The system is built, adding a lot of advantages just by moving the I-beam. Going beyond piledriving, the RPD 35 incorporates all the steps in the piling process; From surveying to stack distribution, driving and inspection, the RPD 35 is the one package that achieves the tightest tolerances on the market. “One package” deals can be a big differentiator in the marketplace.

Global piledriver market forecast from $7 billion by 2028up from $2 billion by 2022. That market may have a place for robotic piledriving systems do it all.

That2022 Inflation Reduction ActThe “Building a Clean Energy Economy” section includes a goal to install 950 million solar panels by 2030. With solar farms requiring tens of thousands of 12- to 16-foot-long piles set eight feet deep with less than one inch of tolerances, these piles are a critical component for meet that target.

Artificial Robotics, currently best known for its autonomous earth-digging heavy machine Exosystem, has just ventured into the pile driving space.


Honda launches a stylish workplace mobile robot

Even Honda put out a new spring 2023 look for the construction site. A highly stylized mobile robot that looks more like it’s in someone’s driveway than a construction site, Honda Autonomous Work Vehicles (AWV). it says”represents a new category of capable work vehicle for companies that need autonomous operations or delivery solutions.”

Honda robot carThe AWV was unveiled at CONEXPO 2023 in Las Vegas in early March.

The current AWV evolved from the former Honda ATV (all-terrain vehicle) to essentially what was essentially an autonomous electric cart (2nd generation mobile robot) and then to today’s 3rd generation electric cart which resembles a mini flatbed truck.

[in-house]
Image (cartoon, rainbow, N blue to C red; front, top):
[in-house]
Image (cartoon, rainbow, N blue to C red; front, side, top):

Engadget Report: “AWV has a larger bed size (two pallets) and higher capacity (2,000 pounds); higher self-driving speeds of up to 10 MPH; a larger battery that offers up to 10 hours and 28 miles of battery life; better avoidance function; and a lower bed for easier loading.

Honda was now looking for a construction company to partner with, to work out any kinks or technical flaws or oversights.

Robotic stroller

Self-driving baby strollerWhat would a new spring be without new babies? What every new parent needs this year: an autonomous stroller. While pushing the sweet one, want to flip through the phone while chewing ice cream? Ella is all about that and more.

CES2023 voted it one of the best at this year’s show.

Ella is a self-driving, electric AI baby stroller from Vancouver, Canada GlüxKind which can even rock the baby to sleep. As the website says: “Glück means lucky and Good translates to son (from German)”.

Management says: Ella is equipped with everything from autonomous ‘driving’ capability (only when no children are inside), a built-in white noise engine (seriously, a white noise engine!!) and ‘brake assist’ technology, as well as plenty of storage and ‘brake assist’ technology. modular travel system’ that makes it easy to attach and detach the bassinet.”

Big carelessness: Ella without car seat integration. Oh well, there’s always next spring.

Self-driving baby stroller